When, at the height of the BHS pension fund scandal in 2017, the Jewish Chronicle chose to run my adverse commentary on the business activities of Sir Philip Green right across the front page, it was a seminal moment.
The JC, from the day it was founded 180 years ago, has maintained an ambivalent, almost shy, approach to finance and business.
The long association of Jews with finance, dating from the new freedoms provided by the Enlightenment in the late 17th century, has made Jewish newspapers and journals reluctant to recount the disproportional triumph of their fellow citizens in commerce.
There long has been a fear of feeding the stereotypes of Jewish bankers (and media moguls) running the world.
As an infamous 1841 tract by Alexander Weill put it, just as the first editions of the JC were rolling off the presses: “There is but one power in Europe and that it is Rothschild. His satellites are a dozen other banking firms; his soldiers his squires, all respectable men of business and merchants; and his sword is speculation.”
This toxic image of Jews in business is still as pervasive in the 21st century as it was when it was written.
At the height of the financial crisis of 2007-09, an article in Rolling Stone magazine reached back to an image first perpetuated by the notorious antisemite “Coin” Harvey by invoking the vision of global investment bankers Goldman Sachs as a great blood sucking “vampire squid”.
Former Labour leader Jeremy Corbyn appeared to approve such a narrative when he endorsed the mural Freedom for Humanity by American artist Mear One in September 2012.
It depicted tycoons of Jewish appearance playing a high-stakes game of cards on a table made up of the backs of the poor and oppressed.
A combination of the general reticence of British Jews to draw attention to themselves together with fear of feeding longstanding tropes made the whole practice of reporting on Jews in business perilous.
It is remarkable, when trawling the JC archives, how little is made of the Jewish families, sometimes referred to as the “cousinhood”, who played such a brilliant role in the earliest days of the City.
Instead, we read in the JC of those early financial and trading geniuses the Rothschild family, the Mocattos, the Montefiores, the Samuels, the Waley-Cohens, the Franklins and others as the benefactors and builders of the enduring institutions of British Jewry: the Board of Deputies, the United Synagogue, the Board of Guardians (now Jewish Care) and the Jewish Free School.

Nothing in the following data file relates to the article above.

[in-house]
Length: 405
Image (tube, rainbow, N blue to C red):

When the great rush of Jewish immigration from Eastern Europe began in 1881, it was these denizens of Anglo-Jewry who as the funders of the Board of Guardians stood at St Katherine’s Docks to greet the new arrivals.
In their commercial lives, they were also the great merchant families who had plied their wares in the 17th and 18th-century coffee houses, sowing the seeds of merchant banks such as NM Rothschild and the great stockbroking and commodity houses.
Their successors, Warburg in the 1930s (now part of Swiss bank UBS), and Goldman Sachs, which arrived in the 1990s, provided the scaffolding for the modern Square Mile.
The JC’s interest in the early generations was as good citizens, rather than financial titans. The penniless, uneducated, Yiddish-speaking generations whom the established Jews initially welcomed to these shores would in the late 19th and 20th century help build the British economy as we know it today.
There is not a sector of British business to which Jews have not made a contribution. Sir Marcus Samuel, later Lord Bearsted, was the City commodity trader and merchant who founded Shell, one of the world’s largest energy giants.
In manufacturing, Sir Arnold Weinstock built the General Electric Company which by the 1980s had become Britain’s biggest electronic and defence company.
Sir Isaac Wolfson’s Great Universal Stores (GUS) was suitably anonymously named; he was much better known to JC readers as the builder of the Central Synagogue on Great Portland Street.
His commercial legacy lives on in the shape of Burberry, credit checking group Experian, Argos and much more. It was knowledge of mail order, gleaned from the GUS legacy, which allowed his nephew Lord Simon Wolfson to build Next into a £10billion online and retail giant.
Names that were too Jewish were hidden. The Salmon and Gluckstein families chose to build their pioneering catering and food enterprise under the name J Lyons, a cousin and figurehead-chairman (my mother’s family) rather than their own.
Marks & Spencer was more written about in the JC as a company doing business with Israel bringing Jaffa oranges and much more to UK consumers than as a business. Its shares were, however, a core holding for Jewish mothers.
In the petrol and property world, Gerald Ronson, trading under the name of Heron, regularly appeared in the JC. But they were for his profound contribution to the safety of the British Jews through the Community Security Trust, as well as his support of Jewish education.
Even the less savoury tycoons were featured for their community rather than more notorious roles.
The late Robert Maxwell wickedly plundered the Mirror Group pension fund. But the tycoon played a big role in the airlift of Jews from the Cold War Soviet Union to Israel. Behind the scenes, Philip Green has been a stalwart of Jewish Care and other causes.
Jews are also pioneers in the digital economy. Tim Steiner is one of the founders of Ocado. Alex Chesterman is the genius behind the Zoopla property and Cazoo car trading websites.
If history is any guide it is their contribution to the community, rather than commercial brilliance, which will make the JC’s headlines of the future.
Alex Brummer is City Editor of the Daily Mail